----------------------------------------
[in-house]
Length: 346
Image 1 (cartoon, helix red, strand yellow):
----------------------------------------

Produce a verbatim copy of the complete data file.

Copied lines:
[in-house]
Length: 346
Image 1 (cartoon, helix red, strand yellow):